One of the most enduring arguments put forth by opponents of cannabis legalization is the idea that making cannabis more accessible for responsible adults, or for those with legitimate medical needs, will inevitably also make it more accessible to teens and adolescents. And truth be told, there are reasons to believe that this might be the case. Research has shown that the presence of stores selling alcohol and tobacco in close proximity to schools does correlate with increased use of those drugs among teens in the the area.
Because of these fears, many states with medical or recreational cannabis laws have established rules preventing dispensaries from opening within given distances of schools. However, until now there has been very little research into the topic to see if the same effect observed with alcohol and tobacco outlets holds true for dispensaries. A new study, published in the Journal of Adolescent Health, tackled the issue, and the results bode well for cannabis advocates.
The study, conducted by Yuyan Shi, Ph.D., Sharon E. Cummins, Ph.D., and Shu-Hong Zhu, Ph.D. of the University of California San Diego Department of Family Medicine and Public Health, sought to “examine the availability of medical marijuana dispensaries, price of medical marijuana products, and variety of medical marijuana products in school neighborhoods and their associations with adolescents’ use of marijuana and susceptibility to use marijuana in the future.”
They examined responses to the 2015-2016 California Student Tobacco Survey from over 46,000 students between eighth and twelfth grade, from 117 randomly chosen California schools. They then calculate the proximity of cannabis dispensaries to those schools, and noted the diversity of products available and the prices of those dispensaries.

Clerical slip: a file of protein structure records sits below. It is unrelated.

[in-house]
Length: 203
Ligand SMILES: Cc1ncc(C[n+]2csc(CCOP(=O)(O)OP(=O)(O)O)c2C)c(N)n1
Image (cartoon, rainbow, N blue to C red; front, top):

The researchers found that dispensaries in close proximity to schools have no apparent effect on adolescent cannabis use. It also found that factors associated with the presence of dispensaries, such as cannabis prices and the variety of products available in the market, also have no apparent impact.
“Neither the product price nor the product variety in the dispensary nearest to school was associated with marijuana use or susceptibility to use. The results were robust to different specifications of medical marijuana measures.”
Neither the number of nearby dispensaries, nor the physical proximity to schools played a role.
“The distance from school to the nearest medical marijuana dispensary (within 0- to 1-mi and 1- to 3-mi bands) was not associated with adolescents’ use of marijuana in the past month or susceptibility to use marijuana in the future, nor was the weighted count of medical marijuana dispensaries within the 3-mi band of school.”
The researchers noted the well-documented impact that nearby stores selling alcohol and tobacco does have on teen use, but emphasized the significance of their study due to the lack of available data on dispensaries and teen use patterns.
The conclusion of the study put the issue in very plain terms:
“There was no evidence supporting the associations of medical marijuana availability, price, or product variety around school with adolescents’ marijuana use and susceptibility to use.”